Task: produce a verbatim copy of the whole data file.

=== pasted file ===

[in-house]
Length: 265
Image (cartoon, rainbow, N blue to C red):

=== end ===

[in-house]
Length: 265
Image (cartoon, rainbow, N blue to C red):